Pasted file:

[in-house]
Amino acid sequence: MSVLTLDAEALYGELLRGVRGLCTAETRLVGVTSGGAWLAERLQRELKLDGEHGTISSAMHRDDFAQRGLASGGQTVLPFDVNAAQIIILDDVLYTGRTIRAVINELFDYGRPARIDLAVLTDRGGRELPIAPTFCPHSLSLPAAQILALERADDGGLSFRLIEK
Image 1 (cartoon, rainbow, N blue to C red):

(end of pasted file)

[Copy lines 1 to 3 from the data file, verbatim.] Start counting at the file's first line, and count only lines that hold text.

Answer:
[in-house]
Amino acid sequence: MSVLTLDAEALYGELLRGVRGLCTAETRLVGVTSGGAWLAERLQRELKLDGEHGTISSAMHRDDFAQRGLASGGQTVLPFDVNAAQIIILDDVLYTGRTIRAVINELFDYGRPARIDLAVLTDRGGRELPIAPTFCPHSLSLPAAQILALERADDGGLSFRLIEK
Image 1 (cartoon, rainbow, N blue to C red):